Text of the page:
Whether it’s a new year or a new season, goal setting is a natural part of what we humans do. But while goal setting is popular, goal reaching can feel frustrating. Here’s a journaling process to help you set and meet your new year resolutions.
Goal-setting story. 5 years ago, I set the goal to read 100 books a year. After taking a month to get through 1 book, I quickly abandoned my goal. Last year, though, I came back to that goal and decided I would tackle it again. But this time with a very specific plan for getting it done. How did it turn out? I’ll come back to that in a moment. Let’s start by looking at where I went wrong the first time.
Setting goals are linked with higher motivation, self-esteem, self-confidence, and autonomy. But not all goals are beneficial.
Goals need to be both external and internal – they should be linked. Shorter, micro-goals ensure the progress over time. Think of it like a pyramid inside a circle. (Show image)
Another key ingredient to setting and reaching goals is the understanding of measuring ourselves in the gain, not the gap. I spoke about this in episode 11. In his book The Gap and The Gain, Dan Sullivan shares that goals are often a moving horizon.It can be hard to reach because the finish line is always moving. So it’s important to measure our progress backwards. Instead of measuring from our starting line to the finish, we need to measure from where we are to where we started. This offers us progress and purpose moving forward, and grounds our goals in gratitude.
Finally, when it comes to goal-setting, I always leave a little room for magic. There are just some things you can’t anticipate and if you’re goals are so tightly focused, you’re going to miss opportunities for magic to happen. I’ll show you in a minute how I leave space for that in my journaling practice for goal setting.
All of these combined will help you set your goals. But you know what helps you reach your goals? Writing them down and consistent follow-through. That’s where a good journaling practice comes in.
There’s lot of different ways to journal:
Freewrite (whatever comes to mind)
Bullet Journaling (schedule, tasks, organization)
Worst Case Scenario
You can layer your goal setting into your journaling practice to make both more effective.
To get started with goal setting, you have to figure out what you really want this year. To do that, I found these 4 journaling prompts really effective:
what did I do, create, or experience this year that I’m really, really proud of?
what mistakes did I make that taught me something? What lessons did I learn that I can leverage?
What am I willing to let go of?
Who do I want to become?
From there, you’ll have a lot to work with when it comes to your goals. Because who you want to become will dictate what you need to do to get there. And those are your goals.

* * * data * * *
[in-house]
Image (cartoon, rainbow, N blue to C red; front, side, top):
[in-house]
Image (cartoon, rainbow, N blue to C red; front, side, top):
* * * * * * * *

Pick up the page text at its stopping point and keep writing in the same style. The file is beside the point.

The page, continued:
Here’s how this played out for me. Remember the 100 books I wanted to read? And remember how I originally abandoned it? Well last year, when I answered those 4 prompts in my new year’s journal, I decided I wanted to become a reader. A reader would have no issue with reading at 100 books a year. And when I asked myself why I wanted to do that, I knew it was because I buy into the belief that readers are leaders. I’m a leader, so I want to also be a reader. Now, I’ve tied my goal both externally and internally. So from there, I just needed to break it down into manageable chunks. How many books would I need to read each month to stay on track? I’d need to read 8 books a month (or 2 a week) to make my goal. Reading could take lots of different forms, so I thought about how to incorporate audiobooks into my schedule, too. I even carved out space for this goal in my planner by providing space for the title of the book I was reading that week at the top of the pages. And now, at the time of this recording, I’m on book 102: Mad Honey.
Now if you’re like me, you like a good process. So far, we’ve talked about what good goals look like, how to measure your progress, a 4-step process to finding the right goals for you, and even how to layer journaling and goal setting together. For this last part, I want to show you a few examples of how I do this in real life.
So that’s it – a down and dirty guide for setting and reaching your goals in the year ahead. If any of this was helpful to you as you get ready to begin your goal-setting process, please tag me on social media and let me know. You can use @artsintedu on any of the social media platforms. I’d love to see your goals and cheer you on throughout the year.
And if you know of someone who could use this episode, I’d be so honored if you’d share it with them.
Next week, we’re kicking off the new year with a new set of interviews. Throughout the month of January, we’ll be highlighting what our Arts Integration Certification alumni are up to now in anticipation of our February 1st enrollment kickoff. Next Thursday, you’ll hear from Molly Lucareli about life after the classroom. I promise you won’t want to miss it. Until then, stay creative my friend!
The Art Works for Teachers Podcast helps teachers crack the code of creativity and use it as a hidden advantage in the classroom. Each week, we’ll use “creative clues” from authors, artists, and teachers to unlock the power of the arts and where it can take us in education today.
Hosted by Susan Riley, Founder of The Institute for Arts Integration and STEAM